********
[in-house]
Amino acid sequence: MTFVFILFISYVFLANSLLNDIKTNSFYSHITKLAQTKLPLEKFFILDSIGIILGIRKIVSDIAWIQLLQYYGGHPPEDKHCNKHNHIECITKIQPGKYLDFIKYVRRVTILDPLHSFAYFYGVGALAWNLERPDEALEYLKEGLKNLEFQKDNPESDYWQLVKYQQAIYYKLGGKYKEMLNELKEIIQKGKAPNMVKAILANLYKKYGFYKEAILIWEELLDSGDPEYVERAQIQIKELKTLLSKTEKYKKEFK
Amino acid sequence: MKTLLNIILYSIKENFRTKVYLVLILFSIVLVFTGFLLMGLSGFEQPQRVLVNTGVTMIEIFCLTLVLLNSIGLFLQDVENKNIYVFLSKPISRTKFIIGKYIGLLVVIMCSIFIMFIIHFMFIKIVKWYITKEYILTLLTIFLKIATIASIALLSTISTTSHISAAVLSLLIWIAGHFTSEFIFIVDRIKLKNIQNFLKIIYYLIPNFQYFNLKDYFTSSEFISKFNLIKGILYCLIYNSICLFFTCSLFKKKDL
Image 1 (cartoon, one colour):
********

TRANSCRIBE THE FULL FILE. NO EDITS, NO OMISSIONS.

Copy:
[in-house]
Amino acid sequence: MTFVFILFISYVFLANSLLNDIKTNSFYSHITKLAQTKLPLEKFFILDSIGIILGIRKIVSDIAWIQLLQYYGGHPPEDKHCNKHNHIECITKIQPGKYLDFIKYVRRVTILDPLHSFAYFYGVGALAWNLERPDEALEYLKEGLKNLEFQKDNPESDYWQLVKYQQAIYYKLGGKYKEMLNELKEIIQKGKAPNMVKAILANLYKKYGFYKEAILIWEELLDSGDPEYVERAQIQIKELKTLLSKTEKYKKEFK
Amino acid sequence: MKTLLNIILYSIKENFRTKVYLVLILFSIVLVFTGFLLMGLSGFEQPQRVLVNTGVTMIEIFCLTLVLLNSIGLFLQDVENKNIYVFLSKPISRTKFIIGKYIGLLVVIMCSIFIMFIIHFMFIKIVKWYITKEYILTLLTIFLKIATIASIALLSTISTTSHISAAVLSLLIWIAGHFTSEFIFIVDRIKLKNIQNFLKIIYYLIPNFQYFNLKDYFTSSEFISKFNLIKGILYCLIYNSICLFFTCSLFKKKDL
Image 1 (cartoon, one colour):